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People are restless. Honestly, who can blame them? It’s been a year since COVID-19 forced many of us to isolate at home. It’s for a good cause, though; our collective effort has helped limit the spread of the virus. But this achievement hasn’t come without sacrifice. Spending all this time at home has certainly taken a toll on our mental health, and due to the presence of indoor air pollution, it has likely also had a substantial effect on our physical health as well.

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Most days, the air in our homes seems unassuming—unless you’ve recently burned dinner, it lives up to the phrase “out of sight, out of mind.” But according to the US Environmental Protection Agency (EPA), this air can actually be just as polluted as the air we breathe outside. Sometimes this can happen because outdoor pollutants manage to sneak their way into our homes, but researchers Christopher Long and Peter Valberg point out that more often than not the pollution is actually generated indoors. For example, high concentrations of gases and particles are released into the air every time we cook and clean—two activities we’ve been doing a lot more often as a result of the pandemic.

In fact, Long and Valberg explain that people are often exposed to worse air quality while standing in front of their stove than they might be when walking outside. That’s because high-temperature cooking methods (such as sauteing and frying foods) all emit high concentrations of both fine and ultrafine particulate matter. These tiny particles are small enough to travel deep into our lungs and irritate the surrounding tissue. Even short-term exposure is “causally related to increased risk of premature mortality and cardiovascular health effects.”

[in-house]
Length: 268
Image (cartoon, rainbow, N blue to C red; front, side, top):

Additionally, cleaning products can emit a wide variety of volatile gases. While more research is needed to determine if any of these compounds can cause any ill effects on their own, we know they can readily undergo chemical reactions and produce even more indoor particles, or even form toxic gases like formaldehyde, a known carcinogen.

This all sounds dire, especially as many of us are still sheltering at home as we wait for vaccines to become more widely available. In the meantime, however, Long and Valberg explain that regulatory agencies, like the EPA, have provided three basic strategies that can be used to reduce indoor concentrations of air pollutants. First: source control. While most of us can’t avoid cooking, the EPA has a list of cleaning products that are considered safer for us and the environment. Next, improve ventilation by opening a window or turning on the kitchen exhaust fan in order to help prevent the buildup of pollutants in your home. Lastly, consider investing in a portable air purifier or installing filters in central air-conditioning systems. While it’s unrealistic to strive for a truly pollution-free environment, following these three steps can certainly limit the amount of pollution we allow to linger in our homes.

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Natural Resources & Environment, Vol. 32, No. 1, INDOOR ENVIRONMENT (Summer 2017), pp. 8-12
American Bar Association